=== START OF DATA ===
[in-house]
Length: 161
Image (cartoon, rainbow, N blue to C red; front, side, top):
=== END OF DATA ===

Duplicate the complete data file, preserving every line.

[in-house]
Length: 161
Image (cartoon, rainbow, N blue to C red; front, side, top):